UBC Theses and Dissertations
A rheological study of treatments for osteoarthritis Chernos, Michael Benjamin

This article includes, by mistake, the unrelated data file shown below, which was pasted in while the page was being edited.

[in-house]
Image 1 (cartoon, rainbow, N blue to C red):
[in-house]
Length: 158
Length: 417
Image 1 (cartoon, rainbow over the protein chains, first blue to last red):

Osteoarthritis is a common joint disease causing pain and inflammation that limits mobility and functionality. Osteoarthritis is a widespread disease, and despite it's prevalence there is no cure. The disease progresses by degrading joint cartilage and synovial fluid. The current work aims to contribute to existing knowledge regarding osteoarthritis through three research projects including a rheological study of novel anti-inflammatory hyaluronic acid derivatives, a case study on the effects of oral glucosamine supplementation on synovial fluid viscosity, and development of a microfluidic rheometer that may be used to study low viscosity fluids such as hyaluronic acid and synovial fluid at high shear rates. The anti-inflammatory hyaluronic acid derivative demonstrated shear thinning and viscoelastic behaviour as expected. This behaviour is common among viscosupplements and is therefore promising for it's potential use as a viscosupplement, however, the viscosity and viscoelasticity were significantly lower than commercial viscosupplements. It is recommended to investigate modulating viscosity and viscoelasticity with techniques such as cross-linking and increasing hyaluronic acid concentration. In a patient discontinuing oral glucosamine supplementation the viscosity was found to be greater prior to stopping treatment at low shear rates and greater after stopping treatment at high shear rates. In a second patient no significant change was observed in viscosity. Future study should investigate the effect of glucosamine on viscoelastic behaviour, and to study the effect of glucosamine on synovial fluid viscosity over an extended period of time. A PDMS microfluidic rheometer was developed using a soft-lithography process. The rheometer was validated with water at room temperature and was found to predict fluid viscosity with a maximum of 6% error at shear rates as high as 30,000 s-¹. It is recommended to investigate possible channel deformation as a cause for decreased accuracy at higher shear rates and resultant operating pressures.
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